Thursday 16 November 2023
The Albanese Government must not proceed with knee-jerk, rushed legislation which continues to curtail people’s right to freedom after the High Court decision in NZYQ, the Human Rights Law Centre and Asylum Seeker Resource Centre said today.
Last week, the High Court ruled that it is unlawful and unconstitutional for the Australian Government to detain people indefinitely in immigration detention overturning the two decades old authority in the case of Al-Kateb v Godwin.
In the landmark legal challenge, brought by a person referred to by the pseudonym NZYQ, the High Court held that the Government can no longer detain people if there is no real prospect that it will become practicable to remove them from Australia in the reasonably foreseeable future.
The Albanese Government must now respect the High Court’s ruling, and ensure that every person who is unlawfully detained is released without further delay and provided with proper support.
Quote attributed to Sanmati Verma, Acting Legal Director at the Human Rights Law Centre:
“By attempting to introduce additional restrictions and criminal penalties on people released after years of unlawful detention, the government is substituting one form of punishment for another. Every single day, Australian citizens who have been convicted of an offence re-enter the community after serving their time. For the government to suggest that migrants and refugees in the same position pose a different or greater risk is dangerous dog-whistling.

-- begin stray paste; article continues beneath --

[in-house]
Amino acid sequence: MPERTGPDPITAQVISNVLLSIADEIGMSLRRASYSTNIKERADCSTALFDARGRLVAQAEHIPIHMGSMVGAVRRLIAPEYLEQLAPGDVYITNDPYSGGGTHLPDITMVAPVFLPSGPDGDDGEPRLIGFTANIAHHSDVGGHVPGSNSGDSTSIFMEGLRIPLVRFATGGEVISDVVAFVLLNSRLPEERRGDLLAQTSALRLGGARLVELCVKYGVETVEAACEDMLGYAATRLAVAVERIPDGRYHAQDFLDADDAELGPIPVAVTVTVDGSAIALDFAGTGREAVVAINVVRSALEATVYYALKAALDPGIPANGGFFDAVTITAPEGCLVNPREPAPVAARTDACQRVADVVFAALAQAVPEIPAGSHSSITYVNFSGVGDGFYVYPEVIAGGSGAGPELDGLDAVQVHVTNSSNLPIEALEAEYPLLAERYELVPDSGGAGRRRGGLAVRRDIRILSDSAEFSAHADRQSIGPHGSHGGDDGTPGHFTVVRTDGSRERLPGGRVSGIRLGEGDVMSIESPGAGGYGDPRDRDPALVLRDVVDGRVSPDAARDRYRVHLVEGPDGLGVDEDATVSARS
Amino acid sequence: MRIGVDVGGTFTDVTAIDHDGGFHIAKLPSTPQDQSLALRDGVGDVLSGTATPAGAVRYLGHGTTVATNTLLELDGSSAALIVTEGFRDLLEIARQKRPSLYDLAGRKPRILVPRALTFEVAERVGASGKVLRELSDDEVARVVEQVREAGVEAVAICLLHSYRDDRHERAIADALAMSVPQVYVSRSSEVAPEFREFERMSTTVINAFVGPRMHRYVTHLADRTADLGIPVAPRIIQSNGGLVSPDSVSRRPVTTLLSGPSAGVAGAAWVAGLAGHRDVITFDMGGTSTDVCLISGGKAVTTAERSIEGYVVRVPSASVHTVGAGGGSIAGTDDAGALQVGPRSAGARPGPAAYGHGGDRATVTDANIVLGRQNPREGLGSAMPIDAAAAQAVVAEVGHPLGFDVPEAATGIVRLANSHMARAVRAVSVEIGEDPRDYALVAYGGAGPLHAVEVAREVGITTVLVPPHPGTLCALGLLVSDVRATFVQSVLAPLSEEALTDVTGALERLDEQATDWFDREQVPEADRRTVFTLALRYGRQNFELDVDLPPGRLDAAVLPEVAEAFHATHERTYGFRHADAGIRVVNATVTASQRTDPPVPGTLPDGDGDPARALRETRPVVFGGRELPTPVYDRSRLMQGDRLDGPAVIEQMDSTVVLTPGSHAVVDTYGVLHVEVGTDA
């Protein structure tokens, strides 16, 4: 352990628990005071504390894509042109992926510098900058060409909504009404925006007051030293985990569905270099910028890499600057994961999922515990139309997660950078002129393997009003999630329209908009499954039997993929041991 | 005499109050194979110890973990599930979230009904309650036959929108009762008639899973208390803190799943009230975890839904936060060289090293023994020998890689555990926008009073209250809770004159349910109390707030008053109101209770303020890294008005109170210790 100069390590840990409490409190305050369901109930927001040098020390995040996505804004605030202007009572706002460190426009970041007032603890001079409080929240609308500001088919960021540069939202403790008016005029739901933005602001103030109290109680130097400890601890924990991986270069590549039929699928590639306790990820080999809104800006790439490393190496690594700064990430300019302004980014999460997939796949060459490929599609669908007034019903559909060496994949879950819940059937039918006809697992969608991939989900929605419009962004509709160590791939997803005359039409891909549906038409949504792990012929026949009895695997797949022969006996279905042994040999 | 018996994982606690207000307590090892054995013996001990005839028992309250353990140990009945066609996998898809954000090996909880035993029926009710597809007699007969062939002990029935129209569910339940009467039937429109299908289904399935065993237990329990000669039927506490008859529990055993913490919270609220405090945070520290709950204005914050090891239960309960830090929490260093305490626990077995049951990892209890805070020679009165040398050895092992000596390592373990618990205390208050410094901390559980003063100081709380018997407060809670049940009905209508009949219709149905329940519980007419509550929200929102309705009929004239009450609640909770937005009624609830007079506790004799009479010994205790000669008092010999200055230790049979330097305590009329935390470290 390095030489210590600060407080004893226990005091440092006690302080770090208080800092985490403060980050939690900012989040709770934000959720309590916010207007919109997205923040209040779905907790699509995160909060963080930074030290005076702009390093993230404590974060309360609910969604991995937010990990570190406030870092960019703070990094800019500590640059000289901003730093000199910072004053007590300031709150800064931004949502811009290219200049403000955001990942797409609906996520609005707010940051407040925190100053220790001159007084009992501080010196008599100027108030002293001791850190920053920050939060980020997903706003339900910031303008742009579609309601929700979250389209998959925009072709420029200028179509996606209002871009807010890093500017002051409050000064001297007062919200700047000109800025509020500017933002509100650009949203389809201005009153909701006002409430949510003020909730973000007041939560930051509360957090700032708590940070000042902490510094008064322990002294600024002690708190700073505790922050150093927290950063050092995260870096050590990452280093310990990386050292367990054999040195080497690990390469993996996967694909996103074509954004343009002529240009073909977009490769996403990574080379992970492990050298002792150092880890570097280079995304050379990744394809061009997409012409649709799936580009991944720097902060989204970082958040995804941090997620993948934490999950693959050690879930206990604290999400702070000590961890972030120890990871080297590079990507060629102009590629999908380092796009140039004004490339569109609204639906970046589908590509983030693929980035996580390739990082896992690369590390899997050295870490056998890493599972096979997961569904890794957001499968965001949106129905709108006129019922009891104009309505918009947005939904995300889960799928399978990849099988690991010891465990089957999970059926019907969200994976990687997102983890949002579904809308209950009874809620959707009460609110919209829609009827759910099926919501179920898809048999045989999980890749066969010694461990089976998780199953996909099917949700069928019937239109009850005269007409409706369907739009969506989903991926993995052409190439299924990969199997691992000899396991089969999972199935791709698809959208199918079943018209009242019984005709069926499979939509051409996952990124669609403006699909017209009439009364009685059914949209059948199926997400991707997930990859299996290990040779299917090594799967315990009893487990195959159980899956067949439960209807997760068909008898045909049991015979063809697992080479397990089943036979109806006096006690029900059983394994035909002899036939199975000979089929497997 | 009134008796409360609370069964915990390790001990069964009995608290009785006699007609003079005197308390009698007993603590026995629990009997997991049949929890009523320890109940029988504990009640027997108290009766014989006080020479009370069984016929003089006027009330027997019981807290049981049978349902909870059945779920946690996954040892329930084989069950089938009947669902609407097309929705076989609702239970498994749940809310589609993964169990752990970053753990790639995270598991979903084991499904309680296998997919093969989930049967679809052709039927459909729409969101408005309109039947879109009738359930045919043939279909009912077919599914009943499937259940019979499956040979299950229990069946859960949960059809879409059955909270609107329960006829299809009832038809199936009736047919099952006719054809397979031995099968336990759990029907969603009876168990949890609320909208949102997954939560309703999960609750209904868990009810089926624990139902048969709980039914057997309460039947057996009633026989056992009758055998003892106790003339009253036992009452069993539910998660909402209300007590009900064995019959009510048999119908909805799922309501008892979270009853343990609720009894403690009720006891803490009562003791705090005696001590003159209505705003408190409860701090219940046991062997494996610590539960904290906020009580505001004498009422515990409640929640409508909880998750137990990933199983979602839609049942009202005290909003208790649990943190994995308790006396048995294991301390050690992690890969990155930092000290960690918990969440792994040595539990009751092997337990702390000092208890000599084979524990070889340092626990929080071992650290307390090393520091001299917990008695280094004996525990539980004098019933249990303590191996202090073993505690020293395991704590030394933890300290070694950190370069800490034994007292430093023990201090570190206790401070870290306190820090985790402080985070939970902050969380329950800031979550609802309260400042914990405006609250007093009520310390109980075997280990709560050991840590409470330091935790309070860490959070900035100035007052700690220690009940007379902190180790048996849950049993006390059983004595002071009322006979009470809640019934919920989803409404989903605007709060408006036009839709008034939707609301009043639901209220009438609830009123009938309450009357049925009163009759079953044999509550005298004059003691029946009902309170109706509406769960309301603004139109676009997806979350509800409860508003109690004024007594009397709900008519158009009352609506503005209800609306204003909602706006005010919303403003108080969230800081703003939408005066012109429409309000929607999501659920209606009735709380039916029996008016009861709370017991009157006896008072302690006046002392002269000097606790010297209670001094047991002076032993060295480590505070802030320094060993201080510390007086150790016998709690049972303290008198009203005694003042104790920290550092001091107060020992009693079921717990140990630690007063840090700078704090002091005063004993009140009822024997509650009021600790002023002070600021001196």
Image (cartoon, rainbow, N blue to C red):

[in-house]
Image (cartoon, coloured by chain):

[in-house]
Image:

“The Albanese Government must respect this decision, and get on with ensuring that liberty is restored to all people who have been unlawfully detained. These people must be allowed to be reunited with their families and get on with their lives.”
Quote attributed to Hannah Dickinson, Principal Solicitor and Head of Legal at the Asylum Seeker Resource Centre:
“Whether we were born here or came as migrants or refugees, whether we hold citizenship or not, we all have the right to be treated equally before the law. People who have been released have already served their sentences, in addition to several years of unlawful detention. Like others who have had interactions with the law, they acknowledge where they have made mistakes in their past, and have been committed to rehabilitation to ensure they can make a positive contribution to our society. They should be able to reunite with their families and rebuild their lives with dignity and in safety, and should not be exposed to inhumane conditions. There is no reason for people to be subjected to a different set of rules than those of us fortunate enough to have been born in Australia.”
Thomas Feng, Media and Communications Manager, Human Rights Law Centre, 0431 285 275, email@example.com